"House Republicans Predict They Won’t Pass Their Own Law, Citing Distrust In Obama"
A core House Republican leader who praised the release of a document outlining immigration policies, is already making excuses to prevent reform legislation from passing by the end of the year. On Sunday’s This Week with George Stephanopoulos, Rep. Paul Ryan (R-WI) said that passing any kind of immigration measures would be unlikely because of distrust in President Obama’s ability to enforce border security measures before immigrants are granted “amnesty.”
When questioned by Stephanopoulos on whether the President would have an immigration bill to sign at the end of the year, Ryan said, “I really don’t know the answer to that question. That is clearly in doubt. It depends on whether they’re willing to actually secure the border, actually have interior enforcement and not — and agree to not having an amnesty. If we can do that, where it’s security first, no amnesty, then we might be able to get somewhere.”
He added, ‘‘This isn’t a trust-but-verify, this is a verify-then-trust approach.”
Ryan has little reason to doubt Obama’s commitment based on his record. Statistics suggest Obama has been pretty willing thus far — nearly two million immigrants have been deported, “illegal entries are at a 40-year low,” there are more “boots on the ground” at the border than there have ever been in history, and the Senate bill would simultaneously secure the border and implement a biometric exit system that would track visa overstayers.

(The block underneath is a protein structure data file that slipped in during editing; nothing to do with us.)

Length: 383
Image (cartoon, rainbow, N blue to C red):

Although Republicans have divergent views on how best to deal with the undocumented population, at least two other key players in the immigration debate, House Majority Leader Eric Cantor (R-VA) and Sen. Marco Rubio (R-FL) have voiced similar sentiments to Ryan’s statement. During a conference call on Friday, Rep. Mario Diaz Balart (R-FL) said that there were concerns over whether “border and security provisions would be a reality.”
This isn’t the first time that Republicans have cited distrust in the President in order to stall on reform. In fact, it’s the latest in a line of excuses Republicans have claimed are responsible for their failure to pass immigration reform. In 2010, it was because Obamacare passed and that there’s an ongoing Mexican drug war. In 2012, it was because Obama used his executive order to give temporary work authorization and legal presence to non-criminal, undocumented youths. And in 2013, it was because of sequestration forced the Department of Homeland Security to release non-violent detainees, the Boston Marathon bomber was an immigrant, the Obamacare employer mandate was delayed, the Syrian intervention was taking too long, Obama refused to negotiate with Republicans during the shutdown, and healthcare.gov had technical difficulties.